The two halves of Alfa Romeo’s Formula 1 season to date couldn’t have been more of a contrast, the team scoring 51 points in the first nine grands prix and just one in the following nine.
While that would usually indicate the team has failed to keep pace with aerodynamic development, Alfa attributes it to the erosion of its weight advantage.
While the majority of the field’s cars were heavy at the start of the season, Sauber-run Alfa Romeo was able to run on the minimum weight limit, which was raised from 792kg to 795kg before the first race of the season.
Alfa Romeo head of trackside engineering Xevi Pujolar described its weight advantage as having “disappeared”. That’s because while others have had headroom to improve in this area, with its midfield rivals all having made gains, Alfa Romeo has had nowhere to go.
Typically, 10kg is reckoned to be worth 0.3-0.4s depending on the circuit configuration. That means Alfa Romeo’s early-season advantage will have been half a second, or more, over cars 15kg over.
Pujolar also suggests that the FIA’s introduction of a metric monitoring porpoising and bouncing levels, and tackling plank flexibility, had an impact.
“It’s not that we got worse, we’re still developing and getting better,” said Pujolar when asked by The Race about Alfa Romeo’s decline in form.
“It’s just that we had an advantage at the beginning, but that advantage then disappeared at one point before the [summer] shutdown for weight reasons and in the way people had to operate the car [for] the bouncing.
“Once that reduced, now you can see that we are all there very, very close – one race we are a bit closer to Alpine and McLaren and other races it will be harder.
“I think that [the weight] is what made the difference at the beginning of the season.”
Alfa Romeo’s most sustained run of competitiveness came early in the season, when it was on average 1.25% off the outright pace based judged by single-lap speed across the first five events. Its average for the whole season is 1.6%, and for the last five races since the August break it’s 1.8%.
That points to a clear trend, although its failure to score more points in recent races beyond the single one Zhou Guanyu took at Monza is also partly down to unreliability, which has resulted in grid penalties and retirements.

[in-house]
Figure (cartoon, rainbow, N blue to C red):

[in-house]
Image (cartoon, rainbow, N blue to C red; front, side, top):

But Alfa Romeo has pushed on with its aerodynamic upgrades, with a modified front wing appearing in Japan and more parts planned for introduction for this weekend’s United States Grand Prix.
“A different wing helped us create more total downforce, focusing more in the high speed and helping us have a better balance between low and high speed,” said Pujolar of the upgrade.
“That’s the reason we pushed to have it ready for a track with a high content of high-speed corners.
“We’re happy with the performance, we missed Q3 only by 15 milliseconds after a bit of an issue with some of the DRS deployment in T7-8 which cost us more than that, so theoretically we should have been in Q3.
“We did quite a lot of work with that wing before we came to the track. The question is, does the wing behave as we expected?
“It was pretty much there. We did a lot of driver-in-loop simulator [testing] for several sessions. We planned on Friday to run with rakes etc but we had to cancel all that because of the rain.”
The Austin upgrades are hoped to deliver more performance for the final four weekends of the season.
However, the fact that FP1 will be a Pirelli tyre test session will have an impact on the team’s ability to evaluate its new parts.
“The tyre test at Austin makes things difficult,” said Pujolar.
“Because we lose time on finetuning our new package and depending how much the new front tyre changes the balance we will have to change our set-up then rebalance it again.
“But it’s useful for ’23 because it gives us an idea of what mechanical and aero balance we need to be looking at.”
GARY ANDERSON on Alfa’s new front wing
Alfa Romeo introduced a revised front wing endplate for the last race at Suzuka.
Along with the recent modifications to the rest of the front wing, I suspect it is trying to get more front downforce.
This area circled in red is moving rearward and opening up the flow in the lower corner where the flaps join the endplate. Mercedes did this slightly differently, but to a greater extent earlier in the season.
If you can connect this airflow to the tyre squirt where the airflow is forced around the front tyre contact patch when the front tyre rotates onto the track surface, it will scavenge more flow over and under the front wing and pull it around the outer sides of the front tyres, creating that dreaded word ‘outwash’.
This will improve the performance of the front wing further inboard, giving the more front load.